The worst contracts in all the landBy
MLB Trade Rumor’s Tim Dierkes offered up some food for Spring Training thought this week as he ran down his list of the 45 worst contracts in baseball. Tim lists two current members of the Yanks’ 40-man roster and one guy DFA’d last year:
- Jorge Posada, Yankees. Four years, $52MM ($13MM per year). Signed November of 2007.
- Hideki Matsui, Yankees. Four years, $52MM ($13MM per year). Signed November of 2005.
- Kei Igawa, Yankees. Five years, $46MM ($9.2MM per year). Signed in December of ’06, this was a clear and poorly thought-out response to Boston’s Daisuke Matsuzaka signing.
If those are the worst contracts the Yanks have, we don’t have much to worry about. Sadly, though, I think Tim misses the mark. Let’s first dismiss these three contracts. Kei Igawa is a legitimately bad deal. The Yanks had a knee-jerk reaction to the Daisuke Matsuzaka signing and inked Igawa to a ill-fated four-year deal. Much of that, though, is the signing bonus, and Igawa costs the Yanks just $5 million in taxable expenditures. That’s not too bad a deal for a team with the Yanks’ deep pockets.
Jorge and Hideki present interesting case studies in contracts. Posada’s deal wasn’t bad and still has the potential to be good. While he is a 37-year-old catcher, he is coming off of some very stellar seasons at the plate. The deal became bad on a cold night in April when Posada threw out his shoulder. This injury had nothing to do with wear and tear behind the plate, and he should be able to come back as well as anyone his age could expect to. If Posada eventually becomes a full-time DH and hits as he has in the past, the deal still looks fine.
Hideki Matsui is good when healthy, but good health has eluded him lately. He missed much of 2006 with a shattered wrist and has since encountered knee problems. He’s in the final year of his deal and will DH. The Yanks would probably agree with the assessment here: The money could have been put to better use.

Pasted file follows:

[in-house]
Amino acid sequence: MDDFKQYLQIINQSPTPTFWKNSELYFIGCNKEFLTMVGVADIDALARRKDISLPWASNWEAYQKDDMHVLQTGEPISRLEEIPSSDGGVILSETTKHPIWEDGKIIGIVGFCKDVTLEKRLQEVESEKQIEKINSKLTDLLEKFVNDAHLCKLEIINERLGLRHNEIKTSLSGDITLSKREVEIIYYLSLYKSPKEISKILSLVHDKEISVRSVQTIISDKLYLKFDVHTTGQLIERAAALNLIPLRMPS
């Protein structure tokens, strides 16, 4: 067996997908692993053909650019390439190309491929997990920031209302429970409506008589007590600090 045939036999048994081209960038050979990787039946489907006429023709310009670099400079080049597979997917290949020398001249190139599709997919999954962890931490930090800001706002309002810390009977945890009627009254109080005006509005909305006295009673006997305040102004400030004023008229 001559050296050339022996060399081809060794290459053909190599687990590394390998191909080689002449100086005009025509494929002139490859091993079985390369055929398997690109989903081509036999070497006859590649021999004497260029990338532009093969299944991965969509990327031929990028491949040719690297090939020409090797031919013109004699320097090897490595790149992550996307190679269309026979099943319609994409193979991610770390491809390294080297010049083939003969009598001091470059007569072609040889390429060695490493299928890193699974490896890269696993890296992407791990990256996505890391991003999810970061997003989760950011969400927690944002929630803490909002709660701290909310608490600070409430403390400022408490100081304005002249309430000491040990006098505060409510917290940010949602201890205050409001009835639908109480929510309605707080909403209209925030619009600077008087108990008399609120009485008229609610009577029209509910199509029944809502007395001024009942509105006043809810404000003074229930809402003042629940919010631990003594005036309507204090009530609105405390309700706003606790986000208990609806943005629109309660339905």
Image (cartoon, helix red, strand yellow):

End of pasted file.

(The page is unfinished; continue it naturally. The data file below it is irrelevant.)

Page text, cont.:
So what’s missing? Well, Fack Youk and I are on the same wavelength here. When I read this list 24 hours ago, I first thought, “Alex Rodriguez.” On Tuesday, Fack Youk wondered why the Yanks’ third baseman isn’t on the list. Jay rests his argument on PED use and the Scandal of 2009. I dissent.
Rather, A-Rod‘s deal was bad from the day it was signed. Sure, from a business perspective, the Steinbrenners must have thought it would pay off. But from a baseball perspective, what team in its right mind would sign a 32-year-old to a ten-year deal worth as much as $300 million? While the deal is structured so that A-Rod earns just $21 million in 2015 and $20 million in both 2016 and 2017, no GM would ever sign a 40-year-old to a three-year, $61-million deal. This contract was bad before the PED problem; it’s just gotten worse.
In a similar vein is Derek Jeter‘s deal. Jeter is owed $42 million over the next two seasons, and I’d say Jorge Posada is more likely to earn his money than Jeter is his. (This evaluation of Jeter’s deal may be unfair because the Yanks signed him to a ten-year extension knowing they would be overpaying him at the end. Perhaps this deal evens out in the long run.)
Finally, Ken Davidoff adds his two cents to this discussion. The Yankees, he writes, currently have $91 million in committed payroll for 2012. If CC Sabathia opts out as I expect him to do, that figure drops to a still-unreasonable $68 million. The Red Sox meanwhile are one of three teams with $0 owed to players in 2012.
While the Boston figure would have risen had they succeeded in signing Mark Teixeira this winter, Davidoff’s point is that the Yanks are limiting their future flexibility with some questionable deals. Less than one-sixth of the team will earn $91 million in 2012. How do you fill up a roster without zooming past that $200-$250 million level and still win?
The Yanks’ approach over the last eight years has always been spend, spend, spend. While the organization has tempered that spending with some player development, money remains king in the Bronx. If the Yanks don’t win over the next few seasons, the final years of these very long contracts won’t appear promising.